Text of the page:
The Probiota Asia 2021 Digital Summit was a four-day virtual event held by NutraIngredients-Asia, and in its final session discussing ‘Idea to Commercialisation: Product Development, Innovation and Format Opportunities’, event speakers and panellists highlighted the importance of various factors from scientific evidence to regulatory challenges when it comes to commercialising probiotic and prebiotic products in the APAC region.
The event’s keynote speaker was Dr. Pietro Antonio Tataranni, CMO and SVP Life Sciences at PepsiCo, and other speakers included Morinaga Milk Industry Sales Development Manager Yosuke Muto, IFF Application and Tech Support Lead APAC Dr Anders Henriksson, Nanyang Technological University food science programme director Professor William Chen, National University of Singapore food science programme’s Associate Professor Liu shao Quan, FunDay Founder Daniel Kitay and ffit 8 Founder Zhang Guangming.
Chinese dairy giant Yili’s Assistant President Dr Yun Zhanyou, Prof Liu’s PhD student Alcine Chan, and Deerland Probiotics VP of Marketing Susanne Baekgaard attended the panel in addition to Prof Chen and Kitay. The session was hosted by NutraIngredients-Asia Editor-in-Chief Gary Scattergood.
In this final session discussing probiotic product commercialisation, it was highlighted that strong scientific evidence and efficacy is needed to back up any health claims made by companies when launching products to market.
“The selection of probiotic strains to incorporate into products still needs to be validated by scientific evidence, and this is very crucial to any product design we undertake,” Dr Tataranni said in his keynote presentation.
“[This is to ensure the various factors] such as ingredients, flavour profiles, learning what works best for cell viability, how the processing can be made more favourable for the probiotics strain, and most importantly, stability testing to ensure the probiotics count at the end of the shelf remains appropriate.
“COVID-19 has caused many consumers to seek out functional products such as probiotics to help them take control of their health and accelerated the trend and belief that ‘good nutrition equals good outcomes’ many times over, [so there are] many growth opportunities in the broader gut wellness and especially the probiotics space [as long as] all players are disciplined about their claims and back these with solid science].”
Baekgaard concurred, reminding the floor that consumers will be able to tell if a product makes a claim but the health benefit does not shine through.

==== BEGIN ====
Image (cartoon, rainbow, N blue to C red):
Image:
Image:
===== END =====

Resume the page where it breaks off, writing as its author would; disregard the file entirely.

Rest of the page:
“Solid scientific evidence of health benefits is really the only way to make sure that the products being sold have the effects they claim, and that consumers will be able to feel the difference,” she said.
“Consumers are paying an amount of money that is really not insignificant to buy these products, so they need the evidence as well as to be able to feel the efficacy and benefits of these in order to ever make a repeat purchase – otherwise the product would never see any return customers.
“There is however a distinct difference between supplements and drugs and the scientific evidence needed for both of these – this is something that needs to be communicated well by all companies and the message must be clear in order to be sustainable.
“As for complicating factors in terms of obtaining ‘enough’ evidence, this is most likely because many companies are working on many different ingredients within this space so the evidence is currently spread a bit thin and it is challenging in that sense – but it is still important to dig deeper into the science and do the necessary experiments and confirming trials to help boost the product.”
Delivery formats - functional foods and drinks
Probiotics today are no longer limited to being sold as capsules or powder supplements, but are increasingly being incorporated into everyday foods and beverages – a trend which Prof Chen highlighted as very important for the sector.
“The incorporation of probiotics into foods and beverages is very much in line with consumers’ changing lifestyles today, where the urban consumer wants things fast-paced and convenient, including their probiotics consumption,” he said.
“This is why existing foods with health-boosting elements, such as probiotics, are very much welcomed by consumers, and it is very important to consider the element of convenience for them [to ensure commercial success].”
For instance, Prof Chen’s team developed probiotic ice cubes containing 25g Bifidobacterium lactis which can be used just like regular ice cubes, but with an added probiotics boost.
“The basis for this innovation was versatility – instead of looking to supplements or specific fermented beverages to improve gut health, this probiotic ice is a neutral platform where consumers can enhance their guy health with any beverage of choice, from juice to alcohol, just by adding these ice cubes,” he said.
The ice cubes have already achieved successful commercialisation in Singapore, being sold in NTUC Fairprice supermarkets nationwide.
Yili’s Dr Yun maintained that in China, at present the most effective formats of bringing probiotics to the masses is still via beverages, although he concurred that as the industry evolves future applications and formats are still likely to emerge.